At the annual meeting of the National People’s Congress that began Saturday, one group clearly stands out — the 114 of the nearly 3,000 delegates of the National People’s Congress (NPC) that are on the Hurun list of richest Chinese.

China’s richest people account for close to 4 percent of the members of the body that officially acts as China’s national legislature. This high level of representation is at least somewhat ironic in a nation that still follows Communist doctrine.

But in a departure from the past, China’s most successful — and obviously well connected — private entrepreneurs aren’t just there for the prestige or to show off. They want to influence policymaking.

Consider the case of the founder of the IT firm Tencent, Pony Ma, who has an estimated fortune of $18.8 billion. Ahead of last year’s annual meeting of the National People’s Congress, the 44-year-old wrote an open letter demanding a national strategy for China to advance the digitization of the economy.

A few days later, Prime Minister Li Keqiang, as part of his report on the government’s plans and activities, announced the launch of an “Internet Plus” strategy. Insiders immediately realized who had coined that term. It was none other than Pony Ma, who had started to use that phrase beginning in 2013, based on the concepts developed by his company’s own research institute. Even though Ma is not a member of the CPC, the “paternity” of the “Internet Plus” is undeniable. Officially, of course, his company denied any involvement in the government report.

When the National People’s Congress passes the new five-year plan in the current session, it will likely also feature the recommendations of Jack Ma’s private think tank to promote Big Data as an important source of economic growth.

Jack Ma, 52, is the second-richest Chinese and head of the Internet company Alibaba. As is the case with Tencent, he established a private think tank, in 2007, to develop relevant policy recommendations.

While both of these think tanks were primarily established to deal with issues of Internet governance and legislation on issues of the Internet, their activities also very much include broader matters of economic and industrial policy.

Other entrepreneurs have been following in the two Mas footsteps. Lei Jun, the 46-year-old founder of Xiaomi, the successful smartphone maker, recently advocated for a revision of China’s Company Law.

Meanwhile, multibillionaire Robin Li, CEO of Baidu, the Web services firm, is suggesting the creation of a national platform for artificial intelligence research to the National People’s Congress. And Fosun, the largest privately owned conglomerate and investment company in China, presented a national development strategy for health care in advance of this year’s NPC session.

To date, Chinese private entrepreneurs are not an autonomously organized group that challenges the primacy of China’s Communist Party. But they are nevertheless gaining considerable influence. Their technological know-how is very much in demand, as are their state-of-the-art business models and strategies. This provides them with a lot of clout vis-a-vis the government and Communist Party policymakers in general.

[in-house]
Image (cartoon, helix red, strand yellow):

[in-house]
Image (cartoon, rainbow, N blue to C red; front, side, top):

Not least for that reason, the number of private research institutes has continued to rise since Xi Jinping took office. Although these new outfits have less direct access to decision makers than pro-government think tanks, they are much better equipped financially and also better connected globally.

Reflecting the top entrepreneurs’ rise in the Chinese political landscape, Xi increasingly takes them along on his trips abroad, both to showcase their (and hence China’s) success and to provide these private entrepreneurs with more global growth opportunities.

Xi is keenly aware that these top companies’ and entrepreneurs’ continued success at home and abroad will be a critical factor in determining whether or not the economic transformation strategy which the leadership has launched will succeed.

As things stand, for the first time in the history of the People’s Republic, private entrepreneurs are actively involved in the preparation of a five-year plan. That is a remarkable vote of confidence by the country’s leadership in the importance of the private sector — and at the same time an important admission on the part of the government. The basic message is this: We need you because you have a head start!

This is an important development, even though Xi’s core focus in his reform policies clearly rests on strengthening increasingly feeble state owned enterprises, giving them preferred access to capital and urging them to undertake mega-mergers.

However, the privately owned companies operating in China’s advanced services and technology sectors realize that their hand has been strengthened greatly. They know that they are China’s main engines of growth in a period of economic transition, which gives them considerable power.

Many IT entrepreneurs also appreciate their government’s political support for global expansion. The Communist Party “China Dream” evidently also includes more internationally successful company modeled after Alibaba.

How far will this process of mutual enchantment between the CPC leadership and the Internet entrepreneurs go? Alibaba founder Jack Ma probably put it best, when he said at the World Economic Forum in Davos in 2015: “We want to enchant the government, but we don’t want to marry it.”

Lea Shih is a research associate and Matthias Stepan is head of Chinese Domestic Politics Program, Mercator Institute for China Studies (MERICS) in Berlin. © The Globalist 2016

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